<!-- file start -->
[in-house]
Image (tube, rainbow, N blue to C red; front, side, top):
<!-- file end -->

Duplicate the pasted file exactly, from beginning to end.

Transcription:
[in-house]
Image (tube, rainbow, N blue to C red; front, side, top):